Caring for Torenia Plants
Keep the wishbone flowers well watered but do not let them get soggy. Even though the wishbone flower plants like humidity do not overwater them. Conversely, they are also susceptible to damage from conditions that are overly dry. If the weather is hot and windy make sure to water the plants more often. Torenia will flower better at the end of summer when the weather is warm and hot, but not as intense as it is in mid-summer. Fertilize the plants with a mixture high in potassium. This will give the torenia the nutrients to flower more abundantly.
by Catherine Mezensky
The Wishbone Flower (Torenia fournieri)
By Brenda Hyde
Wishbone Flower (Torenia fournieri) is a dainty and delightful little flower that can take heat, humidity and shade. There are not many annuals that can accomplish that! You can usually find torenia available as a bedding plant, but you can also start from seed inside. You'll need to do this in the winter, 10-12 weeks before the last frost. If you are in a mild climate you can grow torenia year round as long as it doesn't get below about 28-30 degrees.
One torenia can cover a 12" square area if planted in the garden, but you can plant them closer in containers. They make great plants for windowboxes, pots and hanging baskets as long as you don't allow them to dry out between waterings. Moisture and shade in very hot climates are a must for torenia. Given this they will bloom constantly from early summer until frost if deadheaded.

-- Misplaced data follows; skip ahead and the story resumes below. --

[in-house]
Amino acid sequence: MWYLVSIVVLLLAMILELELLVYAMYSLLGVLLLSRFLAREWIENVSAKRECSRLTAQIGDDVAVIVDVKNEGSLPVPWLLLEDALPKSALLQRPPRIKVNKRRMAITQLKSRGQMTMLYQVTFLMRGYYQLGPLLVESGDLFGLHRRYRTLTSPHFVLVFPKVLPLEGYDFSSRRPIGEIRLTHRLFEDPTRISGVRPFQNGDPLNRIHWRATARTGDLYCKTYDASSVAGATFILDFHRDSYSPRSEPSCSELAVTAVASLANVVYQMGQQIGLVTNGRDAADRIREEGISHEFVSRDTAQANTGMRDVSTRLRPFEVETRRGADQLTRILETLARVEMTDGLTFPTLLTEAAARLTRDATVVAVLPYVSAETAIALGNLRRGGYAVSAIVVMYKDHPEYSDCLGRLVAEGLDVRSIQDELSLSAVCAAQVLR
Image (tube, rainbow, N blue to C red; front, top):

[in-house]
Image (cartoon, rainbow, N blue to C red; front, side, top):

When you water torenia, the soil should be moist to the touch, but not soaked. Fertilize every 2 weeks or so, especially in containers. When the plants are small pinch shoots off gently to encourage them to bush out. Plant them in groups for a charming display.
Torenias are described many ways, but I personally think they are a little like small, short snapdragons in lovely contrasting colors. They only grow to about 12 inches tall, and some new varieties are trailing as well. If you live in a climate with frost, be sure to dig up at least one of the torenia plants 6-8 weeks beforehand and bring it indoors. They can also be grown indoors as a houseplant!
Wednesday, July 7, 2010
Hay-MakingUpon the grass no longer hangs the dew;
Forth hies the mower with his glittering scythe,
In snowy shirt bedight, and all unbraced,
He moves athwart the mead with sideling bend,
And lays the grass in many a swathy line:
In every field, in every lawn and mead,
The rousing voice of industry is heard;
The haycock rises, and the frequent rake
Sweeps on the fragrant hay in heavy wreaths.
The old and young, the weak and strong are there,
And, as they can, help on the cheerful work.
The father jeers his awkward half-grown lad,
Who trails his tawdry armful o'er the field,
Nor does he fear the jeering to repay.
The village oracle and simple maid
Jest in their turns and raise the ready laugh;
All are companions in the general glee;
Authority, hard-favour'd, frowns not there.
Some, more advanced, raise up the lofty rick,
Whilst on its top doth stand the parish toast
In loose attire and swelling ruddy cheek.
With taunts and harmless mockery she receives